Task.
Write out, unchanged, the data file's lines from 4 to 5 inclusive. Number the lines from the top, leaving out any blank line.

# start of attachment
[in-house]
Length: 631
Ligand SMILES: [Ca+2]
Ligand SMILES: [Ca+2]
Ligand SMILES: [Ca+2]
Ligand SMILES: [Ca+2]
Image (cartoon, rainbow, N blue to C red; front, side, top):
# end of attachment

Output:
Ligand SMILES: [Ca+2]
Ligand SMILES: [Ca+2]